One of my favorite recommendations to families that may have a picky or selective eater is to get them helping in the kitchen, which can assist to encourage them to try new foods. Creating food is a sensory experience: we are touching, smelling and tasting - which are all beneficial to trying new foods! There have been so many times my daughters have surprised me by trying something new (check out the picture of my 4 year old eating raw spinach).
Getting started can be challenging and overwhelming. If you haven’t yet had your child help you in the kitchen, you may not sure how to get started. Here are a few things to consider:
How will they reach the counter. We love our learning tower, although it was a bit pricey. A child can definitely stand on a chair, but the benefit of a learning tower or something similar is that it is enclosed all the way around, especially with younger children that might not be as stable on their feet. There are many towers to choose from, and I have also seen being sold on Craigslist, which is a great option. One of the benefits of our learning tower is that it is big and sturdy enough for both of my kiddos (4 years and 1.5 years).
Embrace the mess. Eating with children is messy. Having a child help you in the kitchen can get really messy. My recommendations: go into this knowing there will be a mess and (try) to wait to clean until after you are finished. Let your child touch and taste along the way. Find a time to get your child in the kitchen when you may be more relaxed - is that a weekend morning? A Friday evening? You find a time that works best.
Think about age-appropriate activities. I posted a few of my favorite ways to get young toddlers in the kitchen below, but as children get older they can help with more complicated tasks. You might be surprised when your young child is helping chop as they get to know the way around the kitchen.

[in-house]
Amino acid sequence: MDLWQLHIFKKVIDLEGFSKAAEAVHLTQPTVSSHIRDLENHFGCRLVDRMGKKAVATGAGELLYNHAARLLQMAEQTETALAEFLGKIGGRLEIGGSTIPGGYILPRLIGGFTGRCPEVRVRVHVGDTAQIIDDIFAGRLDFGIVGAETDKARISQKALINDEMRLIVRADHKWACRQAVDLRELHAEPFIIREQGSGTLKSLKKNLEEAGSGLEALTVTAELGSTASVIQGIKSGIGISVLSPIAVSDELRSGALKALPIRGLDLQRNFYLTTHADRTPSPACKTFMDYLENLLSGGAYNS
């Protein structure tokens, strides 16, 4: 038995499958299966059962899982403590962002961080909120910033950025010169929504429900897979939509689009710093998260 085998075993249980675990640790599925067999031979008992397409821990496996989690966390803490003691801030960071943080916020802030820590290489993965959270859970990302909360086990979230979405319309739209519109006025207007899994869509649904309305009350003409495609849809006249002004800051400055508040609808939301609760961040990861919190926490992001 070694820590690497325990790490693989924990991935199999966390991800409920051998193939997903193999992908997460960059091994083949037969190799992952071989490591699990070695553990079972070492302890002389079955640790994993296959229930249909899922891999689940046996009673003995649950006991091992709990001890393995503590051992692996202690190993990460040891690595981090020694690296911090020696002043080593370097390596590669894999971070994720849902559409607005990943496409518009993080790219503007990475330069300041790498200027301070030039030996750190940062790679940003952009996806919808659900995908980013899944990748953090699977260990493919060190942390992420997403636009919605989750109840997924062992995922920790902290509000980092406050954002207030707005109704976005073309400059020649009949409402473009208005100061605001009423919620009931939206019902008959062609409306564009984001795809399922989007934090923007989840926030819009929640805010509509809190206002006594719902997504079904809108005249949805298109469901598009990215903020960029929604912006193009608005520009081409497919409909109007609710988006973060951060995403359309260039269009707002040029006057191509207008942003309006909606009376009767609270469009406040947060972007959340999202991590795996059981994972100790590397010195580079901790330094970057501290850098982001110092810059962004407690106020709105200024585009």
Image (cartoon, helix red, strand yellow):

Think outside the box, and use all their senses. As I mentioned above, eating is a whole sensory experience. Yes, your child can help mix and stir, but I also think about some other things they might be able to do: can you open a spice and let them smell (cumin and cinnamon make for a great sniff test), can you let them touch the ingredients and describe how they feel to you. This is especially useful for children that may be more apprehensive when it comes to trying new food - let them experience that food with some of their senses that might not involve tasting.
A few ways to get a young toddler (about 15 months to 2 years) helping in the kitchen!
Help set the table. Before we even get to the kitchen, let’s talk about plates, bowls, cups, etc. We have two drawers that are low enough for my girls to reach and are filled with their cutlery and plates (mostly plastic, silicone and non-breakable), as well as a few rags for wiping spills. Sometimes they like to pretend play with the items in this drawer, but I also like to have them help take out what we need for dinner.
Smoothies. This is by far may favorite way to get my toddler involved in preparing a menu item. We usually add frozen fruit (berries), a vegetable (spinach or kale), yogurt and milk. She loves putting the food into the blender and watching it blend together. Need some smoothie ideas? Check out THIS HANDOUT for some fun and creative ways to get your child helping with smoothies!
No-bake snacks. My girls love helping prepare muffins, cookies, pancakes… It is so much fun to watch the ingredients mix together! With a younger toddler, I prefer to have them help when I am not using any egg or raw ingredients. With little ones, sometimes tasting can happen throughout the process (which is a great way for them to learn). As soon as your child understands they can’t put something raw in their mouth, let them get into other baking as well. We love to crack eggs in our house - just make sure hands are clean!
Hummus. A really fun and easy way to get your child involved. We like to take a can of chick peas and either mash with a potato masher or blend in a small food processor. We add spices, oil, lemon juice or vinegar, and other vegetables as well (sometimes roasted peppers or peas). I like to let the kids decide what spices to add. This is one of my favorite recipes: green pea hummus.
DIY meals and snacks. Not just for younger children, but for older kiddos too. I love meals and snacks that can be assembled by each individual person. Some of my favorites include breakfast parfaits (layering yogurt, fruit and granola or cereal) and these date and oat balls. It’s fun to experiment with food and create something that’s just right for you!
Do you have some favorite ways to get your toddler started in the kitchen? Let me know in the comments below!